Hack 86 Synchronizing PDT and IPN

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figs/expert.gif figs/hack86.gif

Ensure that your product is delivered, even when PDT fails and the return page never shows, by introducing redundancy with IPN .

PayPal's PDT system [Hack #85] automatically redirects your customers back to your web page after they pay and sends the transaction information along with them. While this is an effective way to deliver products and services to your customers without forcing them to wait for IPN to contact your server, it's certainly not infallible. If you care about record keeping, you'll want to use IPN to record payment details into a database [Hack #82] so that you don't miss any payments.

This hack shows how to coordinate PDT with IPN to ensure that every transaction is processed by your server. The potential problem here is that when using PDT, or even the return variable feature, your customer can be redirected back to your web site before the IPN system has finished processing. You can address this issue by checking your local database to see whether or not the transaction details have been inserted yet; this refreshes the return page until the order has been processed and the IPN data has been received.

The reason you still need to use the IPN system is that the PDT is intended to be used only for a one-time query when the transaction takes place. If that query fails, the data for that transaction is lost forever. The IPN system has a high level of redundancy; it continues to call your IPN processing script for up to four days until it processes successfully.

7.26.1 The Code

The following ASP code simply reads the transaction data passed from PDT and then checks your local database to see if the IPN has finished processing the transaction. If not, it repeatedly refreshes the page (every five seconds) until it finds the corresponding transaction in the database. Use this as your PDT return page:

 <% 1. Response.AddHeader "Pragma","no-cache" Response.Expires = 0 Response.buffer = true Response.clear 2.  'Create transaction id variable Dim txn_id txn_id = Request("txn_id") 3.  'Check if IPN has been processed with database query and recordset Dim rsOrderCheck Set rsOrderCheck = Server.CreateObject("ADODB.Recordset") rsOrderCheck.ActiveConnection = MM_connPayloadz_STRING rsOrderCheck.Source = "SELECT tblOrderDetails.* FROM tblOrderDetails                  WHERE tblOrderDetails.txn_id = '" & txn_id & "'" rsOrderCheck.Open( ) 4.  'Count how many times you refresh the browser Dim vRCount If Request("rcount") = "" Then          vRCount = 1 Else         vRCount = cInt(Request("rcount")) + 1 End If %> <html> <head> <% If rsOrderCheck.EOF And rsOrderCheck.BOF Then 'ipn not processed yet %> 5.  <meta http-equiv="refresh" content="5;URL=                 http://paypalhacks.com/pdtpage.asp?txn_id=<%=Request("txn_id")%                 &rcount=<%=vRCount%>"> <% End If %> </head> <body> <% If rsOrderCheck.EOF And rsOrderCheck.BOF Then 'ipn not processed yet %> 6.  Please wait while we locate your order. This may take up to 30 seconds. <% Else 'ipn has been processed %> 7.  IPN has been processed, insert content here. <% End If %> </body> </html>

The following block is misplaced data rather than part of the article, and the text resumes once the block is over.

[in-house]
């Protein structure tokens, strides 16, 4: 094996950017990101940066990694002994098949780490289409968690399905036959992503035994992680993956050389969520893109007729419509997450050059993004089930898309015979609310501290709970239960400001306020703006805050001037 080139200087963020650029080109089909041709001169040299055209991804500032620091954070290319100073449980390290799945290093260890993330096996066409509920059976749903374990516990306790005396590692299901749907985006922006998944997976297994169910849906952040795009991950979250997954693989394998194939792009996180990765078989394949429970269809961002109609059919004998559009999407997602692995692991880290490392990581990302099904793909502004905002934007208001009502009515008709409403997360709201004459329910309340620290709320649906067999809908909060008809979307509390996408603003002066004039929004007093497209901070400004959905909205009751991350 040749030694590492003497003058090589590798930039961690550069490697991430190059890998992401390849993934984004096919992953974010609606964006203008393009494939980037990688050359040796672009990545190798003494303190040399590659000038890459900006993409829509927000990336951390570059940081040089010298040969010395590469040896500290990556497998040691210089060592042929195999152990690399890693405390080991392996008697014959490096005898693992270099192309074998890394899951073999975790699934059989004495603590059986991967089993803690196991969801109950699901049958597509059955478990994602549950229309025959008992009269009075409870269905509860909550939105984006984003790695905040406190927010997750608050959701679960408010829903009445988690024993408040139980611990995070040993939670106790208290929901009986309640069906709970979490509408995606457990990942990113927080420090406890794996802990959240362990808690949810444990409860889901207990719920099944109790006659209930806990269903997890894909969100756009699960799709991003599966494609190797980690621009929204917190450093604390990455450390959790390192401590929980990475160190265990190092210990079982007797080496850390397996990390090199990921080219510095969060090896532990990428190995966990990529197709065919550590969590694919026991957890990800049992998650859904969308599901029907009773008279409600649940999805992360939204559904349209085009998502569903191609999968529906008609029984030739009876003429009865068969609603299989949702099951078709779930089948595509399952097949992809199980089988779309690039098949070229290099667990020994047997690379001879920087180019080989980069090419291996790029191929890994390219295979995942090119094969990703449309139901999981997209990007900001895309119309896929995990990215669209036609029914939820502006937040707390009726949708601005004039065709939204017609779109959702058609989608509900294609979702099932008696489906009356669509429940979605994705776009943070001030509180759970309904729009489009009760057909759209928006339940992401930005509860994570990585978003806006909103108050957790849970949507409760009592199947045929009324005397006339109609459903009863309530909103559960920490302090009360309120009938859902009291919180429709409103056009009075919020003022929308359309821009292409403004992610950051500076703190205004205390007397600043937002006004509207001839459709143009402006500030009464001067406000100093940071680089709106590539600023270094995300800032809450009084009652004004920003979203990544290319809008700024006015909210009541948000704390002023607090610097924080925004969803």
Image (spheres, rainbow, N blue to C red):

Line 1 tells the browser and server not to cache the page content, but rather to expire it immediately; this makes sure that new content appears when it is available. Then, line 2 initializes the transaction ID, and line 3 checks it against the database. Line 5 contains the meta refresh tag, which refreshes the page automatically if the recordset is empty (e.g., if IPN has not processed the order yet).

Place your own messages on lines 6 and 7 to inform the customer that the order is still being processed and that the order is ready, respectively.

This example illustrates synchronizing the PDT and IPN system, but you can also use the same technique presented here for your return page if you are not using the PDT system. For information on using the return page for order processing, see [Hack #85] .

7.26.2 Hacking the Hack

Normally, the IPN system contacts your server and completes the process in a matter of seconds after the customer pays. However, there are times when the IPN system can take longer (up to several minutes or even hours). This can be caused by load on the PayPal system, on your site, or any number of other possibilities. In the event of such a delay, the repeated refreshing of the page is likely to induce seizure in your customer or, at the very least, try his patience.

To address this issue, you might want to limit the number of times the browser is refreshed and display a message to the customer if that limit is reached (something to the effect that his order is still being processed and he should contact you or get a cup of coffee or something). Simply add the following snippet of code before the opening <html> tag:

 <% 'Redirect customer to order search timeout page If vRCount => 5 Then  Response.Redirect("ordertimeout.asp") End If %> 

This code simply checks the number of times the browser has been refreshed ( vRCount , set in the original code) and interrupts the process after five unsuccessful tries (this means that at least 30 seconds have passed since the customer was first sent to your PDT page).

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PayPal Hacks
PayPal Hacks
ISBN: 0596007515
EAN: 2147483647
Year: 2004
Pages: 169

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